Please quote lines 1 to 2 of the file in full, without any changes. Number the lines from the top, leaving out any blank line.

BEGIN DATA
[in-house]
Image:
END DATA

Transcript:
[in-house]
Image: